Editors' Note: Nicole Kristal is the author of The Bisexual's Guide to the Universe: Quips, Tips and Lists for Those Who Go Both Ways. Her work has appeared in Newsweek, Back Stage, AfterEllen.com, Match.com and Premiere magazine.
International Women's Day (March 8) has been celebrated across Europe since the early 20th century as a chance to highlight women's solidarity in their ongoing fight for equality both politically and economically with men. But if you ask the #Rock the Lips movement on Facebook what the day's about, you'll get quite a different message.
"Our goal is to get 1 million women to join us and turn our offices, streets, buses, cities, countries, and the world into a sea of power pouts to celebrate that Women Rock!" Yes, that's right. They're asking women everywhere to celebrate International Women's Day by wearing red lipstick.
"Let's make a statement.
Let's wear it loud.
Let's Rock the Lips. Because women rock."
To answer your question, no, this movement was not created by Paris Hilton. The creators of this movement have chosen to remain anonymous. Possibly because they're foolish enough to think liking something on Facebook is commensurate to activism but mostly because when they say, "Let's make a statement" they have no clue what statement they're actually making.
They're telling women to celebrate their womanhood and equal rights by supporting an industry that solely profits off of making women feel insecure and inadequate about their appearance, by telling women to make women's day sexy because they've fallen for the myth that being objectified is empowerment.
They're proving Ryan Gosling's character in "Crazy Stupid Love" right when he said, "The war between the sexes is done. We won. We won when women started pole dancing for exercise." The sad truth is there's now an entire generation who's drunk that Kool-Aid thinks that buying a $10 lipstick will make the world a better place and unite us in a feminine ideal and put those silly men in their places. A place where they can oogle us from afar and think, "I respect women cause women are hot." It's slut power, y'all!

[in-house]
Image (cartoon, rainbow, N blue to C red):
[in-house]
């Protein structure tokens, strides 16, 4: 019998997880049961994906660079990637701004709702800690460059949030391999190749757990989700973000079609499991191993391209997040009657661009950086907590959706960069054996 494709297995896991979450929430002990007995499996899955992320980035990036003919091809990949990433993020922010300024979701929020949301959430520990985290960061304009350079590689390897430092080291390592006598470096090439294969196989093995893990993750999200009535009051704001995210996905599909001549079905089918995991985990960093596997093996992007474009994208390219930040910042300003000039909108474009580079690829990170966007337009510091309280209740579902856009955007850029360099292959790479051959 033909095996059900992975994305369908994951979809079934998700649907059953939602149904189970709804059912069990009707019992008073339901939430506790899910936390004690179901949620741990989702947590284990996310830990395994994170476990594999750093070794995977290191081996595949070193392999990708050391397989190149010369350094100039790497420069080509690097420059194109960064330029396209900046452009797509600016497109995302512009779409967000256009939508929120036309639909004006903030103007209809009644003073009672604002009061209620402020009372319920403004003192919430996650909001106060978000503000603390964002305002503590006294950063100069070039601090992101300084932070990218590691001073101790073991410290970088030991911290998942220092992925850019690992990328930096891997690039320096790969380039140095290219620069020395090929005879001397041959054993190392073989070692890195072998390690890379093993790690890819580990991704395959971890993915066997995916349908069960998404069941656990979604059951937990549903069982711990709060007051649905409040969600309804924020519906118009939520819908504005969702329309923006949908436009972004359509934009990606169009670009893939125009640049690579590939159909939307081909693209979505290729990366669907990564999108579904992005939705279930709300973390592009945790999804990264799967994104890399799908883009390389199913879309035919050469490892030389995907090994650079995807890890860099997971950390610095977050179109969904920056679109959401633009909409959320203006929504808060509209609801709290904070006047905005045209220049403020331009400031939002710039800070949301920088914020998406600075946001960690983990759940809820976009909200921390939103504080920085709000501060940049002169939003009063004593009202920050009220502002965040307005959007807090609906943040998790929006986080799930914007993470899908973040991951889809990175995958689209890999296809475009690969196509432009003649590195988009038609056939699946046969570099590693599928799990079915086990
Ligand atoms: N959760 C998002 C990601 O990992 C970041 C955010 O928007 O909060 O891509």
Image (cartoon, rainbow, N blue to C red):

And not slut power in a cool meta "SlutWalk" sort of way, but a let's-go-get-our-nails-done-in-our-high-heels-and-march-to-Hooters-knowing-that-because-we're-following-traditional-gender-norms, we-represent-women-everywhere. (The cockles of my heart are warming in a sense of belonging already!)
The Rock the Lips movement is embarrassingly American and insulting particularly to the plight of international women who struggle with poverty, AIDS, and rape as a fact of their daily lives -- women who have never owned makeup or new clothes, who get acid thrown on them because their husbands want a new wife or are stoned to death for being suspected of cheating. The Rock the Lips movement is born of a group of apolitical women ignorant enough to think the women's movement is the same as the beauty movement. Cause, like, isn't that what being a woman is all about? Being fuckable? Besides, the women's movement is so passé, so "our moms'" generation. It's not, like, actually still needed.
But if so, where were these women's lips in late February when Representative Carolyn Maloney (D-NY) asked an all male panel of clerics protesting whether contraception should be provided by under the Obama Administration's Affordable Care Act, "Where are the women?" Where were they when Rush Limbaugh called Georgetown University student Sandra Fluke a "slut" and a "prostitute"? Doing their makeup?
My friend posted on the Rock the Lips Facebook page a suggestion that women use the $10 they would have used to buy lipstick and instead donate that money to a women's cause instead. Her post was removed from the page within minutes.
Among the "likes and interests" listed on the Rock the Lips page are "Sephora," "MAC Cosmetics," "stila cosmetics," "CARGO Cosmetics," and "NARS Cosmetics." Which leads me to speculate that the entire "movement" is a fabrication created by numerous cosmetics companies and that we've been hoodwinked again by social media marketing, pegged to a holiday. Regardless, 3,379 people fell for their "message" and agreed to participate on March 8, and many sent in photos of themselves wearing red lipstick. And that's enough to prove we women have a helluva lot more work to do.